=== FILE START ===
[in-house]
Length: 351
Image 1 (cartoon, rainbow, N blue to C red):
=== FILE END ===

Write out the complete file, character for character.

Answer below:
[in-house]
Length: 351
Image 1 (cartoon, rainbow, N blue to C red):